(Van)Jones (President Obama’s chief advisor on green jobs) has been tasked to coordinate green-jobs policy as part of Obama’s bid to transform America’s fossil-fuel-heavy energy economy, and his work is cut out for him. Not that it should be difficult to create scores of green jobs: Congress and the administration are working hand-in-glove to formulate policies that subsidize renewable-energy technologies and fuels, mandate their use in our energy mix, and punish fossil-fuel usage. Strip away the novel green veneer, and the promise of job creation differs little from New Deal–era make-work efforts. Just as government can pay people to dig ditches needlessly, it can pay them to install solar panels, even if the free market wouldn’t. That may be job creation, but it’s a lot closer to welfare than to free enterprise.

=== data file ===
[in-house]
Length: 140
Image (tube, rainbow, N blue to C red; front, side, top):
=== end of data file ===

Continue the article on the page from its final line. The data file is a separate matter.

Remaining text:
But will all this subsidized activity succeed in transforming our energy economy? For that matter, will it do anything meaningful to fix inner-city problems like poverty, crime, illegitimacy, and drugs, as Jones says it will? The evidence suggests that it won’t. Wind, solar, and other so-called renewable-energy sources play negligible roles in our energy economy because they fail in competition with oil, coal, natural gas, and nuclear power. Those sources account for the lion’s share of our energy needs, not because of government favoritism or conspiracy by avaricious corporate powers, but because they provide large amounts of energy reliably and at attractive prices. Renewables don’t come close to doing either of those things. Government-directed job-training efforts, similarly, have nearly always failed to impart useful skills to disadvantaged workers (though they have succeeded spectacularly in wasting taxpayers’ dollars).